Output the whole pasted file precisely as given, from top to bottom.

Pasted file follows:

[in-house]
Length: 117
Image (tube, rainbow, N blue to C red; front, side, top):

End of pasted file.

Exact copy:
[in-house]
Length: 117
Image (tube, rainbow, N blue to C red; front, side, top):